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Sunday, July 21, 2024 | Back issues
Courthouse News Service Courthouse News Service

Labor market stuns with 517,000 new jobs

Payroll growth over the first month of the year crushed expectations and brought the unemployment rate down to a new 54-year low.

(CN) — The U.S. economy added a remarkable 517,000 jobs last month as the unemployment rate dropped to 3.4%, the lowest level since 1969.

It may be good news for job seekers, but the January jobs report released Friday morning by the Labor Department could cause headaches at the Federal Reserve, which has been desperately trying to cool down the economy in the face of high inflation. The report comes just two days after the central bank raised its key interest rate for the eighth time in the last year.

Andrew Hunter, senior U.S. economist at Capital Economics, said one bright spot in the report for the Fed is that wage growth seems to be slowing. Average hourly earnings were up 0.3% from the previous month and 4.4% over the year, down from the 4.8% annual increase in December.

“As a result, although the report at face value supports the Fed’s plans to hike interest rates twice more over the next few months, it underlines our belief that core inflation can continue to fall sharply even without a significant weakening in labour market conditions,” Hunter wrote.

Economists with Dow Jones predicted 187,000 jobs to be added in January. Employers outdid that estimate by more than double and added the most jobs since last summer, far surpassing the upwardly revised 260,000 jobs added in December.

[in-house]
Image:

The leisure and hospital sector, hit hardest by the Covid-19 lockdowns of 2020, continued to lead the way in hiring. It added 128,000 positions in January, including 99,000 at restaurants and bars and 15,000 in lodging. Despite the strong gains – including an average of 89,000 new jobs a month last year – the industry is still down 495,000 positions compared to its pre-pandemic level in February 2020.

There were 82,000 more jobs in professional and business services last month, and 58,000 more in health care. The retail sector added 30,000 positions, while construction gained 25,000 and transportation and warehousing added 23,000.

Government payrolls grew by a robust 74,000, which includes 35,000 in state government education after university workers ended their strike.  

Nick Bunker, economic research director for North America at career site Indeed, said even aside from January’s “eyepopping” job gains, the labor market has shown sustained strength.

“Employers have added an average of 356,000 jobs a month over the past three months, and the unemployment rate dropped to a level not seen since before Neil Armstrong stepped on the moon,” he wrote. “All this is happening as wage growth drifts down toward a pace that would have been celebrated before the pandemic.”

Bunker said the report will add to the debate over how the Federal Reserve should think about the connection between inflation and the jobs market.

“If the central bank thinks that the low unemployment rate will necessarily push up wage growth and inflation moving forward, this strong report may darken the economic outlook,” he said. “But if instead, Chair Powell and colleagues are heartened by tempering wage growth, then the odds that the economy can avoid a recession increase.”

Hunter also suggested a recession is not certain this year.

“The robust 517,000 gain in non-farm payrolls in January means that, despite most leading indicators of recession flashing red, the economy is clearly not as close to recession as we had suspected,” he said. “Nevertheless, we strongly doubt that this marks the start of a renewed acceleration and, in any case, the good news for the Fed is that wage growth appears to be cooling anyway.”

Taking a victory lap Friday morning, President Joe Biden called the report “strikingly good news” in remarks from the White House. He noted that 12 million jobs have been added since he took office in January 2021.

“Put simply, I would argue the Biden economic plan is working,” the president said.

Categories / Economy, Employment, National

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